Marriage Between Humans and Robots (part 1)

My Lawfully Wedded Robot

The Matrix

The Matrix imagined a world dominated by machines.

In the 20th century there was a great deal of angst about computers becoming our enemies and taking over the world. This was reflected in movies like Stanley Kubrick’s 1968 A Space Odyssey. Kubrick’s film tells the story of a space mission that goes terribly wrong after Hal, the computer controlling U.S. spacecraft Discovery One, turns sinister and kills Dr. Frank Poole. Some of these themes were echoed in the 1999 hit The Matrix, set in a future age after computerized machines have subdued most of the human race through a simulated reality. In 2004, Will Smith stared in the movie I, Robot about a time in the future when robots, designed to be human helpers, turn on their masters and try to take over the earth.

The film Her raises intriguing questions about whether it might be possible, and desirable, to overcome the tension between physical and virtual reality.

The film Her raises intriguing questions about whether it might be possible, and desirable, to overcome the tension between physical and virtual reality.

Apprehension about machines becoming our enemies is still a very potent feature of our society. But gradually another theme is beginning to emerge in the public discourse. Instead of a dystopian future where our machines are our enemies, many people are starting to experiment with the possibility that we may be heading towards a utopian future where machines are our lovers.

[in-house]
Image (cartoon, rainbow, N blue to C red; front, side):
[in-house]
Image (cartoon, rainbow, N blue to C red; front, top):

The intriguing possibility of having a love relationship with a robot was explored last year by Spike Jonze’s movie Her. Though the movie deals with the tension and ultimate incompatibility between physical reality and virtual reality, the film raises intriguing questions about whether it might be possible, and desirable, to overcome this tension.

The Next Step in Evolution?

marriage to robotsIt isn’t simply in movies that these possibilities are being explored. The prospect of developing love relationships with computers, and specifically computer-programed robots, is being heralded by many academics as the natural next-step in the evolution of both computers and human beings. A case in point is David Levy’s 2008 publication Love and Sex with Robots: The Evolution of Human-Robot Relationships.

Levy, who did his PhD dissertation on human-robot relationships, points out that the ability to feel emotion towards inanimate objects is nothing new. After all, we feel frustration towards a car that won’t start, resentment towards a computer that keeps breaking down, and joy at a beautiful piece of art. How is feeling love and affection towards a robot essentially any different?

Robots already meet a number of human needs, especially in industry. As technology advances to the point where robots will be able to behave in a way that is virtually indistinguishable from human beings, why should we object if robots begin to be programed to meet our emotional, psychological and sexual needs as well?

The excitement in the budding field of social robotics is that machines may be able to facilitate the pleasures of relationships without the effort and mutuality necessary for sustaining lasting relationships with real-live human beings. Anthropological robots could thus offer salvation to those with deeply entrenched social and relationship problems.

Further Reading

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